The Trib’s internet critic, Steve Johnson, doesn’t always have a firm grasp of the issues he’s writing about, but this non-tech-y post really takes the cake:
Jennifer Love Hewitt is protesting unhealthy women’s body expectations after allegedly unflattering bikini photos of her were published on the Web. We’re with you in principle, Jennifer, but isn’t insisting on your blog that you are still a “size 2” part of the same problem?
Sorry, fella, but the reason why a woman like Jennifer Love Hewitt needs to point out that she’s a “size 2” is because someone ought to recognize the stupidity of criticizing a woman for being “fat” even when she is, in fact, a size 2. In doing so, she draws attention to the hypocrisy of expecting a woman – any woman – to keep her body looking the same at 28 as it did at 18.*
I know it’s supposed to be OK to mock someone because they’re pretty and famous, but that doesn’t always make it right.
Speaking of not understanding the Internet, there’s this story from Michael Booth at the Denver Post:
The dirty little secret about the wildly popular Craigslist is that one click away from its home page are some raunchy and often deeply offensive forums inviting blatant racism, rants and sexual kinks.
That’s a secret?
While Craigslist guidelines threaten to cut off users who post offensive or abusive material, in daily practice the site’s handful of full-time employees can’t keep pace flagging and removing rogue entries.
True enough. In fact, that was the exact reason why Craiglist objected to a lawsuit filed against it last year.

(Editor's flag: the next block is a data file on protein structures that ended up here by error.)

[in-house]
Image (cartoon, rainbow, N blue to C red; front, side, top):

This lawsuit ignores the essential nature of craigslist, demanding that we cease treating our users with trust and respect, and instead impose inappropriate, mistake-prone, and generally counter-productive centralized controls…controls which would actually be less effective in catching discriminatory ads than what we have in place currently, and which would vastly reduce the number of legitimate non-discriminatory ads that the site could process.
In fact, it’s up to USERS of Craiglist to flag those posts, not the employees. As Booth acknowledges at the end of the piece:
Buckmaster said user flags result in millions of postings wiped out each month, from about 30 million monthly entries.
Not that it stops him from engaging in a little fear-mongering, including raising the possibility that “your kids” are probably exposed to every manner of filth.
‘Course maybe they’re the ones flagging it all as inappropriate, which ought to make you pat yourself on the back for some good parenting skills.
* This graf originally appeared on the TOC blog, but I was still irked at the end of the day and needed to further vent.